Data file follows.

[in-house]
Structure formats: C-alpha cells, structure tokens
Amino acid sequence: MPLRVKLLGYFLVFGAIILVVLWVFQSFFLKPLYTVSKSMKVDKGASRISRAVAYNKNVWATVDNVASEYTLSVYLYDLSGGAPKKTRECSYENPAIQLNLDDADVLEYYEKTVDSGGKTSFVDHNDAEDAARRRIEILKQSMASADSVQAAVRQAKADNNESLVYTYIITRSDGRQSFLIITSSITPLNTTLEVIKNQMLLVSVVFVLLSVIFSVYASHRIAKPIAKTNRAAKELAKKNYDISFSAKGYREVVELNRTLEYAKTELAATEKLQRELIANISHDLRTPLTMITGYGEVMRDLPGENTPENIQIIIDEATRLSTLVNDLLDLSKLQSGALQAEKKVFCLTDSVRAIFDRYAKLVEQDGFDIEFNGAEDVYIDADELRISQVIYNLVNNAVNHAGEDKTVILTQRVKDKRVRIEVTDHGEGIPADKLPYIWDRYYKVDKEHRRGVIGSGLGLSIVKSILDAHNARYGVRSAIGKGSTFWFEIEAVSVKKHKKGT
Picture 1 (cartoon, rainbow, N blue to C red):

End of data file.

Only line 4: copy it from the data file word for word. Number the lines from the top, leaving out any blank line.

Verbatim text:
Picture 1 (cartoon, rainbow, N blue to C red):